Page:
The IRS is not usually known for being hip to pop culture. One provision of the new health care bill, nicknamed the “Snooki Tax,” is causing some controversy.
The details of the Snooki Tax
Officially called “Cosmetic Service Excise Taxes,” the 10 percent tax on tanning services has been called the “Snooki tax,” after the Jersey Shore star’s legendary love of tanning. The excise tax would charge an additional 10 percent on top of all tanning booth time, meaning a $10 session in a tanning booth would cost $11. The tax was created in order to replace the 5 percent “Botax,” a tax on elective cosmetic surgery that was cut out of the bill. The tax is expected to raise $5.8 billion per year.
Arguments against the tanning tax
When the tanning tax was first introduced, tanning salon businesses and some middle-class advocates were extremely frustrated. The argument is that the “Botax” was a tax that would target higher income individuals, while a tanning tax may target middle- and low-income individuals, who are more likely to use tanning services than elective cosmetic surgeries. There is also a jobs argument, saying that higher prices will lead to fewer customers and higher costs, which will lead to layoffs.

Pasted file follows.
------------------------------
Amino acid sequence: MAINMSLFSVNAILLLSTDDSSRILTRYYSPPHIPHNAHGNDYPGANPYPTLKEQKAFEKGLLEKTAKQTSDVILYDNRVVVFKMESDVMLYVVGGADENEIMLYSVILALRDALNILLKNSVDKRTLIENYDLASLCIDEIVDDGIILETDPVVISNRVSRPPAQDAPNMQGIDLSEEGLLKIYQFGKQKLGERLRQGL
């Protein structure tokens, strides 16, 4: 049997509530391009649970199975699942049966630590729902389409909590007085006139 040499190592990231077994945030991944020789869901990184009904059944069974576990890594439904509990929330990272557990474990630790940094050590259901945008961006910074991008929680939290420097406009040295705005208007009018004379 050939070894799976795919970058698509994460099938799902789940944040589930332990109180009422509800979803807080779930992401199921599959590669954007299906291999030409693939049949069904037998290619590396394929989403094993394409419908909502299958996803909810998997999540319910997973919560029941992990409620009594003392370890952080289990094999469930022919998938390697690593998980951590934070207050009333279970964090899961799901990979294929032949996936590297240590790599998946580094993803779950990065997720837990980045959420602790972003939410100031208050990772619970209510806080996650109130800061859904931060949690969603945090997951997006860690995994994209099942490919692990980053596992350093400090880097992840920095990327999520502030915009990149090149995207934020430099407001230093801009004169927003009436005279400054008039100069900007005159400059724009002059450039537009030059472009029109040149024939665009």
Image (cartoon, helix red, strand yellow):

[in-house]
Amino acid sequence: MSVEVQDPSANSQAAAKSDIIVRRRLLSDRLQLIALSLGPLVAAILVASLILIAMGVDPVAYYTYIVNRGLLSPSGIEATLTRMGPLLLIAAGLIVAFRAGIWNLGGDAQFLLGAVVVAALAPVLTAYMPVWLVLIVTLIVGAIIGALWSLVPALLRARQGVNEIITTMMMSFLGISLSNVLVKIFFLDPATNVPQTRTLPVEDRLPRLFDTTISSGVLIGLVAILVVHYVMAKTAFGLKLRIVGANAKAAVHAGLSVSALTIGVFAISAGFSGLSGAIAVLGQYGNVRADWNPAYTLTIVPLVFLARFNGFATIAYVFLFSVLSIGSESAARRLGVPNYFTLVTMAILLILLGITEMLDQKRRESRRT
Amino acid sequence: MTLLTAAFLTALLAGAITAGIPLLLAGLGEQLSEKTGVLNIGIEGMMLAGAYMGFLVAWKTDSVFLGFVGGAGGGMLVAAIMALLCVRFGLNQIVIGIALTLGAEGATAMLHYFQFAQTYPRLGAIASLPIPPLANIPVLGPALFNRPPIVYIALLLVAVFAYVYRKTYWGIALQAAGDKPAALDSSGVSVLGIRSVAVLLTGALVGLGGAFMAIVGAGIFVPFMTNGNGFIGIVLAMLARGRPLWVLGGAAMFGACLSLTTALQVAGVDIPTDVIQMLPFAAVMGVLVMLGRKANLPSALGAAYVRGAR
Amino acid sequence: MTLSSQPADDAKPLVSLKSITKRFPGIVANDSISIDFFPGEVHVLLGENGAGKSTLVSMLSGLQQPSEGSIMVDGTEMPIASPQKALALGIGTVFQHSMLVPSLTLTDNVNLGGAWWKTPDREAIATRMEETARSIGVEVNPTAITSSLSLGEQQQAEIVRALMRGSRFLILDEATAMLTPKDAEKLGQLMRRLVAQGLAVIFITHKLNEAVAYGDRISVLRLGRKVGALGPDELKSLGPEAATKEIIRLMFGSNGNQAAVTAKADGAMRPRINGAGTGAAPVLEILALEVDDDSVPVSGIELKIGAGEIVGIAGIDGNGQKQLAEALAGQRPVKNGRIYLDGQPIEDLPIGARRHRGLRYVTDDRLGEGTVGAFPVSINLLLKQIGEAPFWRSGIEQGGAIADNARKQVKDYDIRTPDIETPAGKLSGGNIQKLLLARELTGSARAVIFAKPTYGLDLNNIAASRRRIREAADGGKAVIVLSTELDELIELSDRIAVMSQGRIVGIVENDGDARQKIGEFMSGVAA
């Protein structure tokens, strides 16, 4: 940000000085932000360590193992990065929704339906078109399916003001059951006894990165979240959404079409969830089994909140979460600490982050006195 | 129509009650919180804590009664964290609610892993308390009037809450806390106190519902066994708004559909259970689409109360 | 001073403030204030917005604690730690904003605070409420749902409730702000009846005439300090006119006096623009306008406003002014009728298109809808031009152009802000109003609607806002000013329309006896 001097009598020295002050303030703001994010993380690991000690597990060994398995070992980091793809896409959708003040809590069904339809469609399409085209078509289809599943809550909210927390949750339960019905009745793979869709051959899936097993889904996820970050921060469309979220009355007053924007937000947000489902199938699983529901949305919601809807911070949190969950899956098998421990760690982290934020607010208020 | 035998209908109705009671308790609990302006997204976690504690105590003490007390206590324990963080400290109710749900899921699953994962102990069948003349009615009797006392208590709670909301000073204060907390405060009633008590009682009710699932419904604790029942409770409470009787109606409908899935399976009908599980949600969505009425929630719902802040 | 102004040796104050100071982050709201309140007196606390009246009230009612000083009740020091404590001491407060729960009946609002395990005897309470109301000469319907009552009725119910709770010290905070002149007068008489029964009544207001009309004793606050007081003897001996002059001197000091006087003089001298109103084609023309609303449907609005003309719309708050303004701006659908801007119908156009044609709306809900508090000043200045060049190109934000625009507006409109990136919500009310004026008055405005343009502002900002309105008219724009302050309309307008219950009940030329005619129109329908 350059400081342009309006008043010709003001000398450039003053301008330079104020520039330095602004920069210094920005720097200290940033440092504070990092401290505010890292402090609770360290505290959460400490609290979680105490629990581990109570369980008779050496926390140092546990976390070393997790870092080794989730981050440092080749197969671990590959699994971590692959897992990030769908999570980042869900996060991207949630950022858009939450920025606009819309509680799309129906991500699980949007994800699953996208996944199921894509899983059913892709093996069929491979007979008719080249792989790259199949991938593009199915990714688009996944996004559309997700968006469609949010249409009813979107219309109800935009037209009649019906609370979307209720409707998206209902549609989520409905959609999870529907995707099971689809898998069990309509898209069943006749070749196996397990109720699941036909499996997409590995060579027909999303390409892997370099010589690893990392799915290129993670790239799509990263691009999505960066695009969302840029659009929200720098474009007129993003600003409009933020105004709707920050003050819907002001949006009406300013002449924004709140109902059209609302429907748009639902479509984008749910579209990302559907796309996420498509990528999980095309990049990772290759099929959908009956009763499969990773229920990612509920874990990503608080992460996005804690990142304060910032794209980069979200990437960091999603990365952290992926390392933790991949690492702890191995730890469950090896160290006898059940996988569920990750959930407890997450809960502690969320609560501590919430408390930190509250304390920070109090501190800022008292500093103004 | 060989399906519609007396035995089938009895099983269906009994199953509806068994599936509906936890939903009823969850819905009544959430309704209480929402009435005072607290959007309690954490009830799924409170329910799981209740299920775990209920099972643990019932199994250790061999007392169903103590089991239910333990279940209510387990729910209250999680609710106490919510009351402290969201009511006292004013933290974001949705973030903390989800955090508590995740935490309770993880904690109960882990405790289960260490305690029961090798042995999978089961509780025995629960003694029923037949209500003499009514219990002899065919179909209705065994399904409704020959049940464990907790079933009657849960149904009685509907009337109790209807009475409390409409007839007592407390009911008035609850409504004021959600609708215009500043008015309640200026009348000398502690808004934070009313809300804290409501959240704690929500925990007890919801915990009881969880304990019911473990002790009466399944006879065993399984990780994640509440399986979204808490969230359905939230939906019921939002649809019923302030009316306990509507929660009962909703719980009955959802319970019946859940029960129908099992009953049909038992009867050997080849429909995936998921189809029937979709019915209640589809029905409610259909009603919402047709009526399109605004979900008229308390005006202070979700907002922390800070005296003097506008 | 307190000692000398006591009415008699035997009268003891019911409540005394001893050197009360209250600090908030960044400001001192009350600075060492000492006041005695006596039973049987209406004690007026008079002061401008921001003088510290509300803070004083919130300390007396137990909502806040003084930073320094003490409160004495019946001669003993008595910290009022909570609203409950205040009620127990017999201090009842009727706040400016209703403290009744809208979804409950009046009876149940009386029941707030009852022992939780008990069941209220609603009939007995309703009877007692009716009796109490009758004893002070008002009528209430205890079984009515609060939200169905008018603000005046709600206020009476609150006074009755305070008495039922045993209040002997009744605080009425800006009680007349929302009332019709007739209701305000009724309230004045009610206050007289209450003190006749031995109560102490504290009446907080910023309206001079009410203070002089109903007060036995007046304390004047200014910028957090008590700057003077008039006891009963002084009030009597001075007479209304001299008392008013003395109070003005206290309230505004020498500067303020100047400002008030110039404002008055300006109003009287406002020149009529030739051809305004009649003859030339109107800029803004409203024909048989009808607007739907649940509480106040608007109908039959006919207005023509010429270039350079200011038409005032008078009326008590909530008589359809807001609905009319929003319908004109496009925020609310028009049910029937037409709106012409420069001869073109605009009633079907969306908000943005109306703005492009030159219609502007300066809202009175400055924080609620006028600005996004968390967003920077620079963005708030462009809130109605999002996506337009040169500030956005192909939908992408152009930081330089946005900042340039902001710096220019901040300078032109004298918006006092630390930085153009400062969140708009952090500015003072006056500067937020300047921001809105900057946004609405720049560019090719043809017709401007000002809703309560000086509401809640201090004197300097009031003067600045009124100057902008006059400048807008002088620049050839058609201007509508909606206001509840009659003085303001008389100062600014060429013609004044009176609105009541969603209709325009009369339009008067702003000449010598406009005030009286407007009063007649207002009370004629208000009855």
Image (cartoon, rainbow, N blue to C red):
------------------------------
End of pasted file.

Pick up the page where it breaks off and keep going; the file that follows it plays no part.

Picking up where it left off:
Industry grudgingly accepting tax
In a public meeting held about the tax, tanning-industry representatives appeared to be “learning to live with” the new tax. Representatives of a few larger tanning chains have said that they expect this new tax will only be repealed as a part of much larger tax reform. The “tanning tax” is also set to miss several businesses that offer tanning as a free service or perk for other purchases.
The tanning tax in context
The tanning tax is raising temperatures under some collars, but in context, only 12 people attended the regulatory meeting. The health care reform bill as it currently exists is estimated to cost around $1 trillion. This puts the $5.8 billion expected income from the tanning tax at about 5.8 percent of the income needed to pay for the health care bill.
Washington Post: http://www.washingtonpost.com/blogs/ezra-klein/post/the-irs-debates-the-snooki-tax/2011/10/11/gIQAGFKSdL_blog.html
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